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Research Papers

A Finite Element Model of a Midsize Male for Simulating Pedestrian Accidents

[+] Author and Article Information
Costin D. Untaroiu

Department of Biomedical
Engineering and Mechanics,
Virginia Tech,
Blacksburg, VA 24060
e-mail: costin@vt.edu

Wansoo Pak, Yunzhu Meng

Department of Biomedical
Engineering and Mechanics,
Virginia Tech,
Blacksburg, VA 24060

Jeremy Schap, Bharath Koya, Scott Gayzik

Department of Biomedical Engineering,
Wake Forest University School of Medicine,
Winston-Salem, NC 27101

1Corresponding author.

Manuscript received February 9, 2017; final manuscript received August 31, 2017; published online October 19, 2017. Assoc. Editor: Brian D. Stemper.

J Biomech Eng 140(1), 011003 (Oct 19, 2017) (8 pages) Paper No: BIO-17-1058; doi: 10.1115/1.4037854 History: Received February 09, 2017; Revised August 31, 2017

Pedestrians represent one of the most vulnerable road users and comprise nearly 22% the road crash-related fatalities in the world. Therefore, protection of pedestrians in car-to-pedestrian collisions (CPC) has recently generated increased attention with regulations involving three subsystem tests. The development of a finite element (FE) pedestrian model could provide a complementary component that characterizes the whole-body response of vehicle–pedestrian interactions and assesses the pedestrian injuries. The main goal of this study was to develop and to validate a simplified full body FE model corresponding to a 50th male pedestrian in standing posture (M50-PS). The FE model mesh and defined material properties are based on a 50th percentile male occupant model. The lower limb-pelvis and lumbar spine regions of the human model were validated against the postmortem human surrogate (PMHS) test data recorded in four-point lateral knee bending tests, pelvic\abdomen\shoulder\thoracic impact tests, and lumbar spine bending tests. Then, a pedestrian-to-vehicle impact simulation was performed using the whole pedestrian model, and the results were compared to corresponding PMHS tests. Overall, the simulation results showed that lower leg response is mostly within the boundaries of PMHS corridors. In addition, the model shows the capability to predict the most common lower extremity injuries observed in pedestrian accidents. Generally, the validated pedestrian model may be used by safety researchers in the design of front ends of new vehicles in order to increase pedestrian protection.

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Figures

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Fig. 1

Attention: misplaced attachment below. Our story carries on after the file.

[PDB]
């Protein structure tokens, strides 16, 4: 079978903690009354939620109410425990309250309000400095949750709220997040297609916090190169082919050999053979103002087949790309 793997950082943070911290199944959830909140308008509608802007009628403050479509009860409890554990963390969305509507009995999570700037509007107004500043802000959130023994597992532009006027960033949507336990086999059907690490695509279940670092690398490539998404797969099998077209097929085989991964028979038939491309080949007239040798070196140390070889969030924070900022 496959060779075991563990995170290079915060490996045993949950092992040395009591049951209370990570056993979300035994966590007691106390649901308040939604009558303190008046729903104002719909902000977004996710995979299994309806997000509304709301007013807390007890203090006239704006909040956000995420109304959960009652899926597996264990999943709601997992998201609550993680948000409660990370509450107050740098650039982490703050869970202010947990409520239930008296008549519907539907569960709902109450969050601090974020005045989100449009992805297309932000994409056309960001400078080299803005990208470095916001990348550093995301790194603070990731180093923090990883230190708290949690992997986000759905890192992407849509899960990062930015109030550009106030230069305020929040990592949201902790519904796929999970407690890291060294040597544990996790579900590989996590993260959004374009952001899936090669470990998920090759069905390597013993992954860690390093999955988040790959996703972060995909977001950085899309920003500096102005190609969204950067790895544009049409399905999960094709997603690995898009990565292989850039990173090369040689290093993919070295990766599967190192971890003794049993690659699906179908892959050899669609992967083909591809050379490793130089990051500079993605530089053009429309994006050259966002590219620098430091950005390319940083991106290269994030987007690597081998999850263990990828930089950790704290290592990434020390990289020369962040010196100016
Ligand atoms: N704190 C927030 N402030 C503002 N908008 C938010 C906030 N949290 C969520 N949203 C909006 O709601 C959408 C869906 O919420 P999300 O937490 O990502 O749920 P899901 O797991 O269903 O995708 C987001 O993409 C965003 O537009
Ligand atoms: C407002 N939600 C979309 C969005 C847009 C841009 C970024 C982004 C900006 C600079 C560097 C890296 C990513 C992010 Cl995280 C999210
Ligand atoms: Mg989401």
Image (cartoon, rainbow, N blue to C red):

Data sources for the development of 50th percentile male FE model: (a) acquisition of upright MRI-scans and (b) surface topography and bony landmark acquisition

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Fig. 2

(a) Final M50 detailed CAD model and (b) corresponding LS-Dyna M50-PS FE model

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Fig. 3

The FE setup of the knee bending validation

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Fig. 4

The FE setup of the lumbar spine validation. Lumbar spine (a) in undeformed shape, (b) in extension, (c) in flexion, and (d) in lateral bending.

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Fig. 5

The FE setup of (a) pelvic, (b) thoracic, (c) abdomen, and (d) shoulder lateral loading

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Fig. 6

The FE setup of the vehicle-to-pedestrian FE validation

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Fig. 7

Comparison FE data versus PMHS data (a) bending tests. The load-cell moment versus knee angle curves (b) lumbar spine tests. The peak moment.

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Fig. 8

The time histories of impact force in lateral pelvis impact: FE model versus PMHS test data (a) 5.2 m/s impactor initial velocity and (b) 9.8 m/s impactor initial velocity

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Fig. 9

The time histories of impact force in thorax impact: FE model versus PMHS test data: (a) 4.4 m/s impactor initial velocity, (b) 6.5 m/s impactor initial velocity, and (c) 9.5 m/s impactor initial velocity

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Fig. 10

The time histories of impact force in abdomen impact: FE model versus PMHS test data: (a) 4.8 m/s impactor initial velocity, (b) 6.8 m/s impactor initial velocity, and (c) 9.4 m/s impactor initial velocity

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Fig. 11

The time histories of impact force in lateral shoulder impact: FE model versus PMHS test data (a) 4.5 m/s impactor initial velocity and (b) 6.8 m/s impactor initial velocity

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Fig. 12

The overall pedestrian kinematics FE model versus PMHS test data (a) t = 0 ms, (b) t = 40 ms, (c) t = 60 ms, (d) 80 ms, and (e) 100 ms. (Reprinted with permission from Kerrigan et al. [28]. Copyright 2007 by Inderscience Publishers.)

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Fig. 13

The pedestrian kinematics-marker trajectories relative to the car: FE model versus PMHS test data (a) head CG, (b) T1, and (c) sacrum

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